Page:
I am not speaking here of guilt. Guilt is only a trap that holds us prisoners to our sin nature. The gospel never calls us to bear feelings of guilt. Rather, our discontent is expressed in our mourning over our sin to the extent that we are led to repentance through which we find contentment in God’s forgiving grace. The continuous practice of confession and repentance verbalizes our discontent and opens us to the forgiveness of God.

Second, we must always be discontent with the evil and injustice that remains in our world. Often, we ignore the larger world in which we live and we disregard those who suffer under the weight of poverty, oppression and injustice. We follow the popular preachers of self-fulfillment, who treat the revelation of God in Jesus Christ as primarily the power that feeds our own insular spirituality. As long as our spiritual hunger is fed, and our needs are met, we find comfort. But in doing so, we fail to accept the fullness of the gospel of discipleship that calls us to embrace the pain of our world and identify with those who hurt.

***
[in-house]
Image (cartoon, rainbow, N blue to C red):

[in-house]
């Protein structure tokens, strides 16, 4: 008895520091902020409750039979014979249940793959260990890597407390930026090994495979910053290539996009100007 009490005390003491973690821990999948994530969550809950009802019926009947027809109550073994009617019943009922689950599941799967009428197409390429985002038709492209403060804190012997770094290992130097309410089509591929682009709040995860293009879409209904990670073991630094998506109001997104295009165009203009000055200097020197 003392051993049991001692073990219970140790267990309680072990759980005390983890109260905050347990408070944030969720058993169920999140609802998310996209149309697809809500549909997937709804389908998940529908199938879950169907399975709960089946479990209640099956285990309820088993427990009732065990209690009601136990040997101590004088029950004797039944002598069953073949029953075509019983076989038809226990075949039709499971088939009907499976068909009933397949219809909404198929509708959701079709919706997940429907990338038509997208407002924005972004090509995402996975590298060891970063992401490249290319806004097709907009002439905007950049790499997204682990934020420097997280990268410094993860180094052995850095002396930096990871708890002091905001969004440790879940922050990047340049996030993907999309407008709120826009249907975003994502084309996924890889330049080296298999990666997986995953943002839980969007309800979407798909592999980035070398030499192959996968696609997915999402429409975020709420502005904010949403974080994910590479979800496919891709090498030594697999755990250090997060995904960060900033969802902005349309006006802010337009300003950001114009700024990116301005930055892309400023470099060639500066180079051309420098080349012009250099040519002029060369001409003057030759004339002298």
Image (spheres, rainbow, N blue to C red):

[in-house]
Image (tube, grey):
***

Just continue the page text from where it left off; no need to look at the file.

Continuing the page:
Though Jesus found contentment in his relationship with God and the mission to which God had called him, he was discontent with the hurting people experienced in an unjust society. His mission and message brought healing to those under the weight of oppression, and judgment against those who oppressed. He was never content that evil and injustice were ravaging God’s good creation, and his miracles of healing and restoration were works that sought to release those captive to injustice and oppression.